TSA Says It's Deploying "New X-Ray Technology" After Man Sneaks Straight Razor Onto Flight

With the busy holiday travel season now in full swing, the Transportation Security Administration (TSA) will see more and more people passing through its security checkpoints. The agency is always evolving its practices to increase security—and efficiency—when traveling, including recent updates to the TSA PreCheck program and updated screening processes. But after an incident last week where a man managed to sneak a straight-edge razor onto a flight, the agency is making changes. In the aftermath, TSA announced that it will be deploying "new x-ray technology" at checkpoints across the country. Read on to find out how TSA is working to prevent future incidents.

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A threat was reported on a JetBlue fight last week.

If you've ever made your way through an airport security line, you have a general understanding of what can and can't be brought with you. The 3-1-1 rule for liquids always applies, and anything dangerous will be confiscated and could also land you in legal trouble. Nevertheless, potentially problematic items do sometimes make it through.

On Nov. 21, 41-year-old Merrill Darrell Fackrell boarded a JetBlue flight at JFK Airport in New York, per a press release from the U.S. Attorney's Office, District of Utah. Fackrell was seated next to a married couple, and during the flight, he "placed his hand in front of the woman's screen and told her to pause her movie," the press release states, citing the criminal complaint filed by the United States Attorney's Office. The woman then removed her headphones and noticed that Fackrell was holding "what appeared to her as a knife, inches from her skin at her throat/neck area."

According to the allegations in the complaint, the woman's husband was able to notify at flight attendant at the front of the plane, and the woman "lunged for the aisle to escape," evading Fackrell's attempts to stop her. Members of the flight crew secured the item, which was identified as a straight-edge razor with a wooden handle and a one-to-two-inch blade.

"Crewmembers responded by working to de-escalate the situation and notified law enforcement who met the flight in Salt Lake City," JetBlue said in a statement to ABC News. "The safety of our customers and crewmembers is JetBlue's first priority, and we will support law enforcement during their investigation."

TSA said it's being proactive in preventing future incidents.

A motive for the incident has yet to be announced, but Fackrell was charged with Carrying a Weapon on an Aircraft and Assault with a Dangerous Weapon in the Special Aircraft Jurisdiction of the United States the following day, Nov. 22. How exactly the razor blade made its way through security is also unclear, but TSA confirmed it's not taking the situation lightly.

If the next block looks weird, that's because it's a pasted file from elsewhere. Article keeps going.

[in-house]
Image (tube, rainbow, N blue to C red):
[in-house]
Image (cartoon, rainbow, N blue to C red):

In a statement provided to NBC News, the agency said it is "introducing new x-ray technology at more airports to improve our capability to better detect items such as the one used in this incident." While the agency did not provide additional details on the technology, earlier this year, it debuted new full-size computed tomography (CT) scanning machines.

"The technology is similar to CT technology used in the medical field and research shows that CT is the most consequential technology available today for airport checkpoints," according to TSA's website. The machines are being rolled out "airport by airport," replacing existing advanced technology (AT) machines, The Points Guy reported in April.

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The technology enhances the screening process.

Screening technology for carry-on bags was solely 2-D prior to the introduction of CT, which can now produce 3-D, rotatable images, which is particularly helpful for "enhanced detection of threat items," TSA's website states. "Like existing CT technology used for checked baggage, the machines create such a clear picture of a bag's contents that computers can automatically detect explosives, including liquids."

Per the website, when CT is fully rolled out, it will also allow travelers to leave their laptops and liquids in carry-on baggage. At checkpoints equipped with CT, laptops are permitted to stay inside bags.

The security agency is worried about firearms as well.

Razor blades aren't the only dangerous item coming through checkpoints, as officials continue to find firearms in carry-on luggage.

On Nov. 29, TSA officials at Harrisburg International Airport in Pennsylvania were forced to remind passengers not to bring guns through security. In 2022, TSA has stopped 5,832 firearms at checkpoints, 88 percent of which were loaded, CNBC reported. This number is getting close to the 5,972 found in 2021, coming out to an average of 17 guns per day.

Records have already been broken this year in Harrisburg, where eight guns have been caught. At Tampa International Airport, a whopping 116 firearms have been confiscated, already up from last year's number of 105, Fox 13 News reported.

Travelers often claim the gun was left in their luggage accidentally, but Karen Keys-Turner, TSA Federal Security Director for Harrisburg International Airport, says that it's the owner's responsibility to know their firearm's location "at all times." It's worth it to be familiar with laws and regulations, as bringing a handgun to a security checkpoint can result in thousands of dollars of fines and removal of TSA PreCheck status.

According to TSA, even if you have a concealed weapons permit, the rules still apply, and guns must be "unloaded, packed in a locked, hard-sided case, and declared to the airline" at the ticket counter. The airline is then required to ensure that the gun travels in checked baggage "in the belly of the plane, never in the cabin of the plane."